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dc.contributor.author Price, T
dc.contributor.author Majozi, T
dc.date.accessioned 2012-12-14T07:50:09Z
dc.date.available 2012-12-14T07:50:09Z
dc.date.issued 2010-08
dc.identifier.citation Price,T and Majola, T. 2010. On synthesis and optimization of steam system networks. 3. Pressure drop consideration. Industrial & Engineering Chemistry Research, Vol. 49(19), pp 9165–9174. en_US
dc.identifier.issn 0888-5885
dc.identifier.uri http://pubs.acs.org/doi/abs/10.1021/ie1008585
dc.identifier.uri http://hdl.handle.net/10204/6407
dc.description Reprinted (adapted) with permission from (Price,T and Majola, T. 2010. On synthesis and optimization of steam system networks. 3. Pressure drop consideration. Industrial & Engineering Chemistry Research, Vol. 49(19), pp 9165–9174.). Copyright (2012) American Chemical Society. en_US
dc.description.abstract Heat exchanger networks in steam systems are traditionally designed to operate in parallel. Coetzee and Majozi (Ind. Eng. Chem. Res. 2008, 47, 4405-4413) found that by reusing steam condensate within the network the steam flow rate could be reduced. This was achieved by restructuring the networks into a series design, with the consequence of greatly increasing the pressure drop of the system. The boiler return condensate temperature was also reduced, which was found to decrease the boiler efficiency. Maintaining the boiler efficiency has been considered in the first two papers in this series, and pressure drop is introduced in this paper. The formulations from the previous two papers are used to find the minimum steam flow rate for a HEN while maintaining the boiler efficiency. The network exhibiting the minimum pressure drop for this flow rate is then designed using the critical path algorithm. The boiler efficiency is maintained using the constraints explored in papers I (Ind. Eng. Chem. Res. DOI: 10.1021/ie1007008) and II (Ind. Eng. Chem. Res. DOI: 10.1021/ie1008579) of this series. The minimum pressure drop for the network exhibiting the minimum flow rate found in paper I was 344.4 kPa; however, the flow rate was reduced by 29.6% as shown in paper I. en_US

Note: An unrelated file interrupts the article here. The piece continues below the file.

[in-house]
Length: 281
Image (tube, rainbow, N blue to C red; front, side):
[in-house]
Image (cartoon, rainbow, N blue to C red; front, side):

dc.language.iso en en_US
dc.publisher American Chemical Society en_US
dc.relation.ispartofseries Workflow;5080
dc.subject Heat exchanger networks en_US
dc.subject Steam system networks en_US
dc.subject Steam flow rate en_US
dc.subject Boiler efficiency en_US
dc.title On synthesis and optimization of steam system networks. 3. Pressure drop consideration en_US
dc.type Article en_US


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